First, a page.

So, I arrive at my aunty’s (and to my point, I promise), and I eat and make the usual small talk. After a while, my cousin arrives and we’re sitting there when my aunty gets up, and goes into the kitchen. From the corner of my eye, I see her standing at the kitchen sink, but my attention is focused on the television and the cricket. I’m thinking, who the fuck can stand to watch this? How is it still a thing? It’s a marvel, really. The camera pans over a half-shirtless crowd, beer bottles and cans in hand, and I think, ah. Maybe that’s it. Then, my aunty babbles something in Arabic, and says ‘Come, ma’shallah, come. Let me show you something. Jalal, Omar, both of you, come.’

My cousin, who still lives here (with his wife, no less), grunts. “What?”

“Come here, now! By the grace of God, come, let me show you.”

So we trudge into the kitchen, and follow her out into the backyard and now, somehow, my cousin seems to have divined her intent. “You’ll see now, you Jewish dog.” He’s behind me, she in front, and I say how I feel like I’m being taken out to get shot. The sun bears down, and the yard is long, uneven, and broken – a mixture of browns and greens. In the middle of it, a large metal contraption sits, empty. Four dull-red (rusted through) metal poles connect to a square that once held a sagging patchwork of smaller mesh squares for vine leaves to grow into.

My aunty leads us to the furthest of the four metal poles, where a fledgling vine leaf plant has only just started to grow. Some plastic blue fibres hang from the top of the structure down, and as we lean in, my aunty points to the vine leaf plant, which has, seemingly of its own volition, stretched out connecting tissue to entwine securely around the fibre. As though it sensed a way up to the sky, and took it. “Look at this, just the other week I planted it, and look how it’s tied on.” It did indeed look like tiny hands had carefully taken one fragile strand of plant and wrapped it around the fibre but I was thoroughly unimpressed. Yet, to my aunty, it was evidence of God, evidence of magic most extraordinary.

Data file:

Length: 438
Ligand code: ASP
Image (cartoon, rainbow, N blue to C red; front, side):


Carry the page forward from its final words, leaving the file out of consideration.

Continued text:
Who was I to discount it? Just five minutes earlier, I’d asked her what her youngest daughter was getting up to now that she was married and she said, “Nothing, the usual. Her husband works, she shops and cooks and cleans. Like I used to.” The lack of inflection in her voice, her tired eyes, and general resignation was enough to drive a wedge of ice into my chest. Here was the banality I’d fled from my whole life, and dear god, how it terrified me. I thought of that deadness, and looked at her now, in the sun, staring down with shining wonder at a tiny flowering plant and realised whole worlds spanned those last five minutes.

Here was the banality I’d fled from my whole life, and dear god, how it terrified me.

My cousin, a muscular, bearded gnome of a man – bald head shining – was pointing out a tree he’d planted further back, and exclaiming as though it too, was magical. “Only put it in – how long ago, mum? – a few weeks ago and look at it.”

I nod and smile and actually, it’s not for show. There is a power and a beauty in the ordinariness of growing things – in that we should ever consider ordinary the ludicrous nature of plants and fruits and things flowering, twisting and winding out of dirt to give shape to everything we need. Sometimes, it might be certain nutrients. Sometimes, it might be faith. Another time, I might have scoffed at my aunty, but not today – how could I, when here I stood luxuriating in my ability to time travel, to remember at that very moment:

– ‘Red’, the pitbull we used to own, leaping and bounding around the yard
– The metal beams when they were shiny and new and carpeted in dense green foliage
– My grandma’s plump shape on a step-ladder, pruning and collecting the leaves
– That awful day with the spider and the clothes on the washing line 
– Endless fights, endless BBQs, and small plastic pools

This yard fairly pulses with remembrance, flickering with my past selves, and theirs, and life. So I say nothing and when my aunty takes my arm as we go back inside and says, “Now listen, I want to visit you in Jannah (heaven), so please straighten up,” I just smile.

She has her own kind of everyday magic, and I have mine.